“The most essential ingredient that we have as scientists is curiosity. Science isn’t rote learning, but science is about trying to uncover something that no one’s uncovered before, questioning dogma, so bringing the curiosity of research into the classroom is something I love to do.”
Molly Shoichet, university professor at the University of Toronto, is an enthusiastic mentor to young scientists. She welcomes undergraduate students to her lab every summer, including Amgen scholar Allysia Chin. That firsthand practical experience enhances the knowledge that students gain during their degrees.
Getting to work on big problems alongside some of Toronto’s biggest names in biomedical research makes the Amgen Scholars Canada Program an exciting and sought after opportunity.
“We work in the field of regenerative medicine and also in cancer,” adds Shoichet.
“We design materials to promote cell survival after transplantation into the brain or the retina, the back of the eye, and we also design these really cool materials that mimic the way cancer cells grow natively in us, and we make those materials to grow in the lab.”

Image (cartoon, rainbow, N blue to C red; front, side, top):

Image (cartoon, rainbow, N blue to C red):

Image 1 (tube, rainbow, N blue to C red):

The researchers in Shoichet’s lab include undergraduate students, graduate students, technicians, and postdoctoral fellows. It’s a highly interdisciplinary group, and watching them grow is one of Shoichet’s favourite parts of the job.
“It’s really a great opportunity for me to see that next generation of scientists, work with them, help them develop their own creativity, their own independent thinking,” says Shoichet. “It’s what I love to do every day.”
Investing in young minds is an investment in the future of science. These are the opportunities that start here and continue to grow in directions we can’t even imagine.
“How do we restore vision? How do we overcome brain cancer? These are really big problems that we’re trying to work on. But you can’t invent the future without the tools, and without the experience,” says Shoichet.
“What’s so exciting is to come into the lab and try it out, see what you can do, see how you can invent the future. That’s what’s so exciting, and that’s why I love programs like the Amgen Scholars Program because it gives people that opportunity.”